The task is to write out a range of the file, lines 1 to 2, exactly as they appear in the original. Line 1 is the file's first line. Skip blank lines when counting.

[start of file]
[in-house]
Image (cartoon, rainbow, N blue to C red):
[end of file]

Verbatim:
[in-house]
Image (cartoon, rainbow, N blue to C red):